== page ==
I have a recipe for pumpkin cranberry bread that I just adore.  I wanted to try making it into muffins, but I couldn’t find any more fresh cranberries.  So instead I found this recipe in Cook’s Illustrated’s The Best Light Recipe.  The basic recipe is for blueberry muffins, and then they offer variations for bran muffins, corn muffins, raspberry almond muffins, and cranberry orange muffins (which call for dried not fresh cranberries).  Alex and I made the cranberry orange muffins for breakfast last Sunday, along with these two ginger muffins. Read the rest of this entry »

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Black bean patties with dill and scallions

December 24, 2010 at 7:57 pm (AMA, Beans, C (1 star, edible), Quick weeknight recipe, Spring recipes, Winter recipes)

This recipe from the AMA cookbook combines  black beans and what I think of as traditional Greek flavorings (garlic, scallions, dill, and yogurt).  I couldn’t quite imagine the combination, so I decided to give it a try. Read the rest of this entry »

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Green curry with zucchini and bamboo shoots

December 12, 2010 at 10:31 am (C (1 star, edible), East and SE Asia, Nancie McDermott, Quick weeknight recipe)

We’ve been eating the green curry I made last weekend all week.  First we ate it on roasted veggies, then I improvised a green curry with chard and tofu.  It came out okay but not great, so I decided to actually follow a recipe the next time!  This recipe for green curry with zucchini and bamboo shoots from Nancie McDermott’s Real Vegetarian Thai. Read the rest of this entry »

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Tofu burgers

August 19, 2010 at 1:05 pm (101 cookbooks, C (1 star, edible), Tofu)

I saw the recent post on 101 cookbooks for tofu burgers, and I figured I had to try them.  I still don’t have a food-processor, so I made only half the recipe in my mini-processor.  I laughed when I went to put in the mushrooms and discovered that 27 grams of mushroom is only one large mushroom!  The recipe calls for 1/4 cup bread crumbs, but my 1/4 cup of panko only weighed about 14 grams, so I doubled the amount.  Other than that, I made the burgers exactly as the recipe described, but my burgers weren’t nearly as brown as the one in the photo.  It looked more like tofu with brown speckles on it.  It was definitely cooked through though.  The flavor wasn’t bad–a little nutty, but ultimately rather bland.  We ate our burgers with tomato and red onion, but the burger couldn’t really stand up to the intense onion flavor.  The burgers did hold together quite well though.  The texture was certainly better than the texture of other tofu burgers I’ve made in the past.  I might use this recipe as a base recipe, and add more seasonings next time.  But I don’t think I’d make this exactly recipe as written again.  Rating:  somewhere between a B and a B-.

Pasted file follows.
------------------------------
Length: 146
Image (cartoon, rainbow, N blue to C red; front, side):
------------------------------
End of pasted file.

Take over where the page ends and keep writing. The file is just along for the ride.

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Roasted vegetable tamale pie

June 13, 2010 at 3:08 pm (breakfast, C (1 star, edible), Necessarily nonvegan, Other, Starches)

Unlike the typical tamale pie recipe, this recipe from Rancho la Puerta does not call for beans.  Instead, sliced potatoes are layered on the bottom of a casserole dish, and veggies are mixed with egg whites, cornmeal, pureed corn kernels, yogurt, and a little cheese.  Read the rest of this entry »

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Mushroom, celery root, potato burgers

May 30, 2010 at 1:44 pm (C (1 star, edible), Fall recipes, Other, Root vegetables, Starches, Vegetable dishes, Winter recipes)

I had leftover mashed potato/celery root, and Derek and although we really liked it when I first made it, we were both getting a bit sick of it.  Then I came across a veggie burger recipe in the Rancho la Puerta cookbook that calls for mashed potatoes.  I figured I could use up the rest of the mashed potato/ celery root in these burgers. Read the rest of this entry »

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Northstar Cafe beet and black bean burgers

May 30, 2010 at 1:30 pm (Beans, C (1 star, edible), Root vegetables, Vegetable dishes, Website / blog, Winter recipes)

I’ve never eaten at Northstar Cafe, but when I went looking for a veggie burger recipe I found tons of people raving about their veggie burgers, which are made with beets and black beans.  A number of people have even tried to reconstruct the recipe.  I decided to try the recipe from TheKitchn.com. Read the rest of this entry »

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Bok choy, fennel, and leek

May 23, 2010 at 5:02 pm (C (1 star, edible), Dark leafy greens, East and SE Asia, Other, Vegetable dishes)

I pulled out the Rancho La Puerta cookbook (by Bill Wavrin) this week and started looking for a new recipe to try.  Many of the recipes call for ingredients I can’t get here in Germany.  I did, however, find one recipe with “German” ingredients that intrigued me.  The recipe is titled  bok choy, fennel, and spinach, but it also calls for four leeks, a chile, star anise, garlic, ginger, and fresh rosemary.  The flavors are pretty typical Asian flavors except for the rosemary, which seems odd here.  Read the rest of this entry »